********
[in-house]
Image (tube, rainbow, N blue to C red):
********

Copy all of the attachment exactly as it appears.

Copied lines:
[in-house]
Image (tube, rainbow, N blue to C red):